Recently I’ve been having trouble sleeping at night (again). Obviously the late-night hours affects my productivity the next day, because I either sleep late or get up feeling sluggish and grouchy. When I sleep late, I wake up with this heavy weight on my shoulders. I feel all this pressure to get everything done with too little time to do it. When I wake up sluggish, I’m unmotivated and often take a nap, which extends the poor sleeping cycle. It can be a frustrating pattern.
What is it about waking up late that makes me feel pressure? Obviously there are some things that legitimately need to get done, but waking up an hour, or an hour and a half, late typically doesn’t affect those crucial things. I’m still going to pick up the kids from school on a day like that (if there were such a thing #coronatimes), and take care of all the urgent things I need to do. The only difference is the tasks that are somewhat optional. Those tasks I want to do for myself – for my personal growth – whether physical, spiritual or emotional. Those are usually the ones that get pushed off on a day when I’m not making the most of my time. But if those things are just optional, or recreational, then why should they stress me out?
Because I identify my self-worth by my accomplishments.
Sounds crazy? I wonder if I’m the only one? 🙄 It’s certainly good to be productive but if I only love myself because I finished this or I have that to show for myself, then my love is a conditional love, which the Mishna in Avos (5:16) says:
כָּל אַהֲבָה שֶׁהִיא תְלוּיָה בְדָבָר, בָּטֵל דָּבָר, בְּטֵלָה אַהֲבָה
Any love that is conditional is only transient. Because once the condition is no longer in place, there is no reason to love. We have to love ourselves no matter what we accomplish and not over identify with our ability to produce. This isn’t an easy ask, because everyone everywhere judges everyone else by what everyone else does. But so what? No one said this was gonna be easy. If it was easy, don’t you think a smart guy like me would be able to do it?!
The truth is that the tzaddikim see themselves and others in a totally different light. They don’t see themselves as great in their accomplishments. On the contrary, they also feel a longing for more, but their self worth is sourced in one thing only…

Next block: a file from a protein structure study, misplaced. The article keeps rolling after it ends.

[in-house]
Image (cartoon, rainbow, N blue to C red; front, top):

Rebbe Nachman tells a story of a certain tzaddik who was overcome with a terrible sense of sadness. Eventually this tzaddik fell so deep into sadness that he found it literally impossible even to move . He wanted to encourage himself and pull himself up, but nothing could make him happy or inspired. No matter what he tried to be happy about, the Evil One found some reason to make him depressed about it. Finally, after trying everything, he tried to make himself happy by dwelling on the fact that Hashem created him as a Jew. This is certainly a reason to feel immeasurable joy, because the vast difference between the holiness of even the simplest Jew and the impurity of the gentiles is beyond all measure. The sad tzaddik started making himself feel happy about this. He started rejoicing and raising himself little by little. With each passing moment he felt greater joy until he reached such a level of joy that he attained the joy that Moses experienced when he ascended to receive the Torah.
The Rebbe’s story is so profound because any happiness from a personal achievement can always be scrutinized and criticized. No matter what the achievement is, there are always shortcomings and deficiencies which can bring sadness. But to be created as a Jew is a gift of Hashem alone. Hashem Himself did it, it’s exclusively the work of God, so there is no lacking in that joy. Regardless of what kind of Jew the person may be, there is certainly an immeasurable difference between himself and the gentiles. So there is always a reason to be happy. This is why the tzaddikim love themselves and others. This is why Hashem loves His people. Not because we finished shas or gave so much charity. No matter how much we learn or pray, it could never be enough to deserve His love.
יִשְׂרָאֵל אֲשֶׁר בְּךָ אֶתְפָּאָר
Hashem says, “Israel, I boast about you”. He takes pride in us. We’re like those children that drive the parents nuts, but then they do one cute little thing and the parents go crazy over them. Why? Because it’s their kid. We’re His children. That’s a deep love. That’s a love that’s unconditional. It’s great to accomplish. But that’s not us. We’re greater than any accomplishment. We’re Yisrael. We’re boast-worthy!
published on Ahallel Davar.